The power of photography and how Cecil Williams captures America’s history with civil rights

One man’s cherished memories are fueling flashbacks of America’s unsettled past.
Cecil Williams is a respected journalist, author, and photographer. He has turned his photography studio into a place of learning.
Published: Feb. 3, 2022 at 10:48 PM EST
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ORANGEBURG, S.C. (WBTV) - Behind the doors of 1865 Lake Drive in Orangeburg, South Carolina , one man’s cherished memories are fueling flashbacks of America’s unsettled past.

Demonstrating the urgent need for better schools connected to the Briggs vs. Elliot case which involved the legendary Thurgood Marshall along with documenting John F. Kennedy’s presidential campaign - Cecil Williams isn’t shy in sharing his photographic journey.

“I had learned to be really somewhat of an inquisitive journalist, a photojournalist at that,’’ he said.

Admirable talents took root as a teenager in the 1950′s, and Williams’s drive remains strong well into his 80′s.

Related: The power of photography and how Cecil Williams captures America’s history

Preserving first-hand experiences linked to civil rights and African American history is an obsession during life’s sunset years.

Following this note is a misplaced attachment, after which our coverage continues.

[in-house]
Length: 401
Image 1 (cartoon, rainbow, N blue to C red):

“I started covering the Harvey Gantt story long before the national press started covering Harvey Gantt,” he recalls.

On a frigid February day in 1963, Williams scored a prized moment.

“I got up on the steps of Tillman Hall and photographed Harvey Gantt, but also surrounded by 150 journalists who would come from around the world to cover the story,” he said.

20 years later, Gantt was elected as Charlotte’s first African American mayor, and the public battle to integrate Clemson University commands significant wall space in the Cecil Williams South Carolina Civil Rights Museum.

Among his gripping artifacts and pictures are spent shell casings he found scattered on the ground from weapons fired by members of the state’s highway patrol at South Carolina State University in Orangeburg.

That’s where student demonstrators in 1968 intended to end segregation at the town’s all-white bowling alley before things turned deadly.

“We had extreme overt racism,” Williams told WBTV.

Rebelling against what he calls a racist symbol, Williams also showcased the confederate battle flag flying over the statehouse dome during the 1960′s. Back in 2000, his work brought attention to activists fighting to bring down the symbol of dixie some 15 years before it was officially removed.

Photographing Coretta Scott King’s public appearance during the 1969 Charleston Hospital workers strike surfaced as the cover story for Jet Magazine.

13 months earlier in April 1968, violence claimed the life of her husband Dr. Martin Luther King Jr.

In describing the moment William said, “This is the first time since the death of her husband Martin Luther King, which signaled the fact that she would be following in his footsteps.

Timeless and moving perspectives all connected to a museum that survives as a one-man operation.

“It’s the story of the South Carolina civil rights movement,” Williams said.

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